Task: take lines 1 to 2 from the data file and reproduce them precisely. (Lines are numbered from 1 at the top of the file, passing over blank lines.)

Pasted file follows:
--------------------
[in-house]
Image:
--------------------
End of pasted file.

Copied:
[in-house]
Image: